Winter Stargazing

Shooting star in night sky
© Alyssa O'Mara

Winter might seem like a chilly time to be out under the stars at night, but dry air and cool temperatures often make for crystal-clear skies—perfect for winter stargazing.

Once the sun goes down, bundle up, and find a spot outdoors away from any lights to see some alluring astronomical sights.

Magnificent Meteors

Meteor showers happen when grains of rock or dust that hit our atmosphere. Some of these grains are broken bits of asteroid, some are left behind by passing comets. As the meteors burn up, they create a glowing tail we can see from Earth.

In December, Geminid meteor shower can produce up to 120 meteors an hour. Meteors will appear to shoot from the direction of the Gemini constellation, or the 'twins'. And the Quadrantid meteor shower peaks in early January. The meteors from this shower are believed to be the dust trail of an extinct comet, known as 2003 EH1.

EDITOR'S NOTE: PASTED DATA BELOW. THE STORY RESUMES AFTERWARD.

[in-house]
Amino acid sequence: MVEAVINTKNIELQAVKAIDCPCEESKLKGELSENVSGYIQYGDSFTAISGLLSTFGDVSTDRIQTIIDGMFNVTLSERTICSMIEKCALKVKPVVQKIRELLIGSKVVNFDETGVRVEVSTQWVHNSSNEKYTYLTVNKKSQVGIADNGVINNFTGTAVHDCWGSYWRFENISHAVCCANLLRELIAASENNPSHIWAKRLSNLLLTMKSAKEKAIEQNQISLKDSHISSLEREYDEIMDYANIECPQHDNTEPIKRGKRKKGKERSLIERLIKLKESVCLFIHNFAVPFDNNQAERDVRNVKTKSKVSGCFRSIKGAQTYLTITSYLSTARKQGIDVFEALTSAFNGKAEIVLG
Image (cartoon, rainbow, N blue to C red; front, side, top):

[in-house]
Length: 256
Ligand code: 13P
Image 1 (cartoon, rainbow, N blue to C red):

A comfortable camp chair, a blanket, and some hot cocoa might be just the ticket for enjoying this show. The meteors from this shower are believed to be the dust trail of an extinct comet, known as 2003 EH1. Prime viewing time occurs after the moon sets (around midnight).

The Stars Align

Various constellations make their appearance during the winter, including well-known Orion, the hunter. He’s not hard to find: look for a straight line of three equally spaced, equally bright stars—that’s his belt. Below this belt on the left side is Orion’s Nebula, an area where new stars are being born. His belt, shoulders, and feet form an hourglass in the sky. The twin forms of Gemini and the baleful red “eye” of Taurus, the bull, can be found nearby and are also easy to spot. 

Star Light, Star Bright

Several open star clusters (large groupings of bright stars) sparkle brilliantly this time of year. The best known among these are the Pleiades or “seven sisters,” the Beehive, and on a dark night, the Double Cluster between Cassiopeia and Perseus.